(This may be from a Tibetan Buddhist Prayer)
I’m reading Donald Hall’s last book, A Carnival of Losses: Notes Nearing Ninety. His poetry and essays have impressed me for years and his recollections and insights in this memoir are surprising. (Sidenote: I didn’t know he died last year until after I had started the book.) Page after page, he recalls incidents from much earlier in his life when he knew Steinbeck, Faulkner, Roethke, Wright (who he called Jim), and many other famous authors. He is frank and specific in his recollections. I’ve heard that long-term memory is sharper later in life; that could be how he remembers things so clearly or maybe he was like that all along. Or, I suppose, he could be using poetic license to fill in the blanks. Whatever the cause, I recommend the book to anyone who is interested in the lives of literary figures from the last century.
Biographies, autobiographies, and memoirs have always been a curiosity of mine. On one level, I am fascinated to learn about the lives of people, famous or ordinary, just because our life experiences are so amazingly varied. The more I read about the particular contexts in which people grew up, the more I appreciate the complexity of being human. And (hopefully) the less my default reaction is to jump to certain conclusions (stereotypes) when reading the news or Facebook. There’s almost always more to the story than we initially realize. The more we read (and travel) the more our minds are open and informed.
Beyond that fascination, though, I am constantly wondering if what I’m reading is true. Just because it’s in print (or online), just because someone “remembers” it, does not make it factual. While it is the best representation of what the person remembers, as I read a memoir like Hall’s, I am aware that the mind plays tricks on us and our memories distort what truly happened years ago. I have been journaling for over 30 years and looking back at my words, I sometimes don’t remember events the way I wrote about them. Listening to my wife or my mother talk about events from 10 years ago, I begin to wonder if I was really there…the differences in our memories of the same event are quite pronounced.
Here’s an example of me writing about a particular time from early in my life:
In seventh grade, my mom suggested I make new friends. I was hesistant, but started hanging out with a guy named Chris who lived about a quarter mile from our house. Between our houses was a grassy field with little pockets of trees and bushes. When Chris and I hung out, I usually went to his house because I enjoyed walking through the field and he wasn’t much of an outdoor person. We would play cards (War and Go Fish mostly), watch Batman and Columbo (when his mom was in a good mood), and annoy his older sister, Madonna. I had never met anyone named Madonna and, being Catholic, felt that maybe we should be nice to her. Instead, we would kick her bedroom door open as we passed and yell random things into her space. She would always scream back at us and turn up her music (often “Gypsies, Tramps, and Thieves” by Cher), as if that would keep us out. Years later, after Chris and I stopped spending time together, Madonna became almost as big of a household name as her namesake.
That’s the sort of thing I would write if I had exceptional recall. It holds a person’s attention and seems plausible.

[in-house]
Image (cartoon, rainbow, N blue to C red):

Some of it is even true.
Chris and I hung out. We bugged Madonna (yes, THAT Madonna). We were over at his house more often than my house. Madonna did play her music loudly.
Besides that, it’s all a blur. But isn’t my first rendition more interesting than ‘just the facts’? And all the detail that Hall puts in his memoir makes me wonder about how much and what parts are poetic license (otherwise known as fiction or pretend).
I enjoy a telling story. I think we all do. Maybe it’s true, maybe not, but if there are colorful characters, intriguing elements, and a genuine point or lesson, I want to hear it. Yes, I read Hall’s work and other memoirs critically — wondering about truth — part of the enjoyment, though, is in the remembered anecdotes, the individual moments that give life pizzazz and flavor. It’s a gift I wish my memory granted more often than it does…and so I read memoirs and other people’s memories to fill the void.
Suggested Memoirs, Biographies, and Autobiographies
* A Carnival of Losses: Notes Nearing Ninety by Donald Hall
* Black Dog of Fate by Peter Balakian (an Armenian-American’s memoir…I have an extra copy if you want it)
* dreams in the mirror by Richard Kennedy (about E.E. Cummings)
* Born Standing Steve Martin’s autobiography
* The Life and Wisdom of Gwen Frostic by Sheryl James
* Kiss Me Like a Stranger Gene Wilder’s autobiography
* It’s Always Something Gilda Radner’s autobiography (includes much about Gene Wilder)
* I Wonder As I Wander Lansgston Hughes’ autobiography
* The Love of Many Things: A Life of Vincent Van Gogh by David Sweetman
* A Memoir by John Hannah (former president of MSU)
Over a dozen parents have thanked me
for coming back to teach this year.
It’s been rather shocking.
It’s happened so many times that I was beginning to wonder if the Parent Council included it in their minutes with an “ask” that parents participate. These parents have made my day by appreciating that I chose part-time teaching over the relative ease of retirement (our administration and a few colleagues have thanked me, too). The students don’t seem as appreciative, but that’s asking too much and I realize that. What I didn’t realize was how much I would need some ‘thanks’ to balance out the other side of this decision.